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Master Series

Reading Buffett letter to shareholder 2009

Reading Time: 1 minute

link to 2009 PDF annual shareholder letter here.

Buffett CNBC interview
(part 1 here, following the link from part 1 to get to part 2 to 8 )

Recommend reading by Buffett
Keynes’s *General Theory*, chapter 12

Intelligent Investor Chapter 8 and 20

My Notes

p. 4
Our market gain is better because in 1965 Berkshire shares sold at an appropriate discount to the book value of its underearning textile assets, whereas today Berkshire shares regularly sell at a premium to the accounting values of its first-class businesses.

In other words, our defense has been better than our offense, and that’s likely to continue.

Charlie and I avoid businesses whose futures we can’t evaluate, no matter how exciting their products may be. In the past, it required no brilliance for people to foresee the fabulous growth that awaited such industries as autos (in 1910), aircraft (in 1930) and television sets (in 1950). But the future then also included competitive dynamics that would decimate almost all of the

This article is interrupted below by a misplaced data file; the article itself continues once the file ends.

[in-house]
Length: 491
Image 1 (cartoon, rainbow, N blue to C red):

companies entering those industries. Even the survivors tended to come away bleeding.

p. 5
GEICO, which is known to all of you because of its $800 million annual advertising budget (close to twice that of the runner-up advertiser in the auto insurance field).

p. 15
We’ve put a lot of money to work during the chaos of the last two years. It’s been an ideal period for investors: A climate of fear is their best friend. Those who invest only when commentators are upbeat end up paying a heavy price for meaningless reassurance. In the end, what counts in investing is what you pay for a business – through the purchase of a small piece of it in the stock market – and what that business earns in the succeeding decade or two.

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